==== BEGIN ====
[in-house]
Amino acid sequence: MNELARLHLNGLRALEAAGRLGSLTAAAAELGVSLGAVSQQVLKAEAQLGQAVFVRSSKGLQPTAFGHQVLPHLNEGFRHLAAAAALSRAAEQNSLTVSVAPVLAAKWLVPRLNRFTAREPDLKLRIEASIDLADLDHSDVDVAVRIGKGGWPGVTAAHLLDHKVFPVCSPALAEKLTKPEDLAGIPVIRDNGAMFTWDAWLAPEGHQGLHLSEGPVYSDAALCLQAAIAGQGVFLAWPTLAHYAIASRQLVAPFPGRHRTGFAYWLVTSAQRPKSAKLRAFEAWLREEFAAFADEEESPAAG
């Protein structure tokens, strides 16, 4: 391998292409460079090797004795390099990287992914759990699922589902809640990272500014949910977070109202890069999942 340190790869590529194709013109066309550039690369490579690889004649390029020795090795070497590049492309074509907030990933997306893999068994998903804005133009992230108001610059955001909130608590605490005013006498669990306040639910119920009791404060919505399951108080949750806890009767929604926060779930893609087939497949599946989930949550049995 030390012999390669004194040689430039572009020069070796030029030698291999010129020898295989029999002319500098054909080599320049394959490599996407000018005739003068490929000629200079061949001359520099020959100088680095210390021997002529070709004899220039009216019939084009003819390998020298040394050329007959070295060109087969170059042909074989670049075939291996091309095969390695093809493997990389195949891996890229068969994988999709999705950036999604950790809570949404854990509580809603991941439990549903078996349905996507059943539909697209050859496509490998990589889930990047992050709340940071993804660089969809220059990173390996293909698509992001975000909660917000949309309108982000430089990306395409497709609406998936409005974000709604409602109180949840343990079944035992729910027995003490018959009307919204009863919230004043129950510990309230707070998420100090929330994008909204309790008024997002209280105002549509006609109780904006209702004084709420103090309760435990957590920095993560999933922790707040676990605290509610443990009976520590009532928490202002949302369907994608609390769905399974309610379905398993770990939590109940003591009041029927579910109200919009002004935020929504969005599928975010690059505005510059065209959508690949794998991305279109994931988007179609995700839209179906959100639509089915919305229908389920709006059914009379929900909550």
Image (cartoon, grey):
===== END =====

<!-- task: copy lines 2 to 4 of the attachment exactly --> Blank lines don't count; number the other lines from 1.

Amino acid sequence: MNELARLHLNGLRALEAAGRLGSLTAAAAELGVSLGAVSQQVLKAEAQLGQAVFVRSSKGLQPTAFGHQVLPHLNEGFRHLAAAAALSRAAEQNSLTVSVAPVLAAKWLVPRLNRFTAREPDLKLRIEASIDLADLDHSDVDVAVRIGKGGWPGVTAAHLLDHKVFPVCSPALAEKLTKPEDLAGIPVIRDNGAMFTWDAWLAPEGHQGLHLSEGPVYSDAALCLQAAIAGQGVFLAWPTLAHYAIASRQLVAPFPGRHRTGFAYWLVTSAQRPKSAKLRAFEAWLREEFAAFADEEESPAAG
């Protein structure tokens, strides 16, 4: 391998292409460079090797004795390099990287992914759990699922589902809640990272500014949910977070109202890069999942 340190790869590529194709013109066309550039690369490579690889004649390029020795090795070497590049492309074509907030990933997306893999068994998903804005133009992230108001610059955001909130608590605490005013006498669990306040639910119920009791404060919505399951108080949750806890009767929604926060779930893609087939497949599946989930949550049995 030390012999390669004194040689430039572009020069070796030029030698291999010129020898295989029999002319500098054909080599320049394959490599996407000018005739003068490929000629200079061949001359520099020959100088680095210390021997002529070709004899220039009216019939084009003819390998020298040394050329007959070295060109087969170059042909074989670049075939291996091309095969390695093809493997990389195949891996890229068969994988999709999705950036999604950790809570949404854990509580809603991941439990549903078996349905996507059943539909697209050859496509490998990589889930990047992050709340940071993804660089969809220059990173390996293909698509992001975000909660917000949309309108982000430089990306395409497709609406998936409005974000709604409602109180949840343990079944035992729910027995003490018959009307919204009863919230004043129950510990309230707070998420100090929330994008909204309790008024997002209280105002549509006609109780904006209702004084709420103090309760435990957590920095993560999933922790707040676990605290509610443990009976520590009532928490202002949302369907994608609390769905399974309610379905398993770990939590109940003591009041029927579910109200919009002004935020929504969005599928975010690059505005510059065209959508690949794998991305279109994931988007179609995700839209179906959100639509089915919305229908389920709006059914009379929900909550």
Image (cartoon, grey):